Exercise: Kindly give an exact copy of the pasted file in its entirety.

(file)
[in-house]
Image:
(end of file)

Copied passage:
[in-house]
Image: